Friday, July 17, 2009


Warren Murphy is a master of the quick, witty, and action-filled novel. He co-created the bestselling The Destroyer series, and in the 1980s and 90s wrote several bigger novels including his 1992 novel, Honor Among Thieves.

Lieutenant Rostov is a Moscow narcotics cop; the Communist government has barely settled into dust when organized crime begins to make a play for the drug market. The problem, no one believes there is a mafia working the system—no one except Rostov and his team.

Rostov requests help from the American government. He needs someone with American mafia experience to consult and, more importantly, prove that organized crime is expanding into the former Soviet Union. What he gets is a former mafia wise guy turned state’s witness named Kamen who is more than a little antsy to get back in the game.

Honor Among Thieves is a 1990s thriller from beginning to end. It involves three of my favorite subjects—in novel form of course—the Soviet Union, drugs (specifically cocaine) and the mafia. The prose is fluid and easy, there is a serious amount of dialogue, and the action is quick and believable.
The characters are the expected—from Mr. Murphy at any rate—in that they are well-rounded, in the manner of a thriller, with an abundance of wit, humor and, at times, over-the-top interpersonal relationships. There are several interconnecting story lines that tie together rather nicely and more than enough intrigue to keep the pages interesting.

The most unique aspect of the novel—at least looking back with 20-20 vision—is that the Russian mafia was still in shadow and needed to be fully revealed and proven. A naive thought (the culture, rather than the author) with the impressive growth that the Russian crime syndicates have made since the fall of Soviet communism, both domestically and internationally.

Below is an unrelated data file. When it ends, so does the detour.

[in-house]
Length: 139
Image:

Honor Among Thieves is an entertaining blast from the past. It is a fun read that reminded me of my comfortable and warm youth. It has lost a few steps since it was published, but it is very much worth keeping an eye open for in your favorite used bookshop or thrift store. But, heck, all of Murphy's novels are worth a look.


Ed Gorman said...

Great review, Ben. Yes Murphy is always fun to read. My favorites are probably his Trace books. Good of you to remind us of what a force he was in the eighties and nineties. He had a great run at the top--huge sales and several Edgars.

Ben Boulden said...

I really enjoy Murphy's novels. He never does the expected, as far the genre goes. His thrillers are different than the typical in the 1980s and 90s--many were seemingly marketed in the vein of a Tom Clancy thriller, but they are anything but...the characters are sharper, the prose is smoother, and the plotlines are quicker and tend to the unexpected. And there is always humor.

I also enjoy his TRACE novels. I first discovered them in Randisi's First Cases series. I think it was the fourth installment, and I immediately went on a hunt for the novels. I need to dig a few out of boxes and read 'em.